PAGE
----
North Korea is at it again with its live-fire testing provocations, this time with another suspected intercontinental ballistic missile (ICBM) that landed just a hundred miles off Japan on Friday, November 18.

South Korea’s Joint Chiefs of Staff told reporters that “the ICBM was launched around 10:15 AM local time from the Sunan area” of Pyongyang “and flew about 1,000 kilometers (621 miles) east” at a projected maximum speed of Mach 22.

Japanese Prime Minister Fumio Kishida then said, in a separate statement, that while the ballistic missile did not fly over the country, it most probably had fallen within Japan’s exclusive economic zone, about 210 kilometers (130 miles) west of Oshima-Oshima Island in Hokkaido—an eerily “sufficient range that could reach the mainland” of America. Boasting that Pyongyang could, if need be, launch an attack and reach cities in the US. Fortunately, no damages were reported due to the latest firing, but Kishida reiterated that the North’s repeated missile launches are and will not be tolerated.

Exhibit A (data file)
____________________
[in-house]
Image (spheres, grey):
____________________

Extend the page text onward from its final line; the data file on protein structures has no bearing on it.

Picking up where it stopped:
By now, North Korea is just pushing the international community further on edge, waiting to see how far it could stretch before finally bursting everyone’s bubble of patience. According to Reuters, Friday’s launch comes a day after Pyongyang launched smaller missiles as a warning of “fiercer military responses” to the increasing presence of the US in the region. Meanwhile, South Korean and Japanese officials, as well as the US, have again stressed their condemnation of these provocations from North Korea, with each underlining how Pyongyang is “trying to disrupt international cooperation.”

“Pyongyang is trying to disrupt international cooperation against it by escalating military tensions and suggesting it has the capability of holding American cities at risk of nuclear attack,” said Leif-Eric Easley, a professor at Ewha University in Seoul.